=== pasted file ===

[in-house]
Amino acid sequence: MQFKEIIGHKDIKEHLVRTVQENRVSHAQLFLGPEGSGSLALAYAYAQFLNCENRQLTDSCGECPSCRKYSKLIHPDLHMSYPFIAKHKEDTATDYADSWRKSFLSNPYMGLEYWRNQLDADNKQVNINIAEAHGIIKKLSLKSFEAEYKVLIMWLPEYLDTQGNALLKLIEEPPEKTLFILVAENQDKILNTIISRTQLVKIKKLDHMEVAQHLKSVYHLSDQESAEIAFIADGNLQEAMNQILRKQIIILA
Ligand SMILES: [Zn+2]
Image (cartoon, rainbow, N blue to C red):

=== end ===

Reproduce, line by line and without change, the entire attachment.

[in-house]
Amino acid sequence: MQFKEIIGHKDIKEHLVRTVQENRVSHAQLFLGPEGSGSLALAYAYAQFLNCENRQLTDSCGECPSCRKYSKLIHPDLHMSYPFIAKHKEDTATDYADSWRKSFLSNPYMGLEYWRNQLDADNKQVNINIAEAHGIIKKLSLKSFEAEYKVLIMWLPEYLDTQGNALLKLIEEPPEKTLFILVAENQDKILNTIISRTQLVKIKKLDHMEVAQHLKSVYHLSDQESAEIAFIADGNLQEAMNQILRKQIIILA
Ligand SMILES: [Zn+2]
Image (cartoon, rainbow, N blue to C red):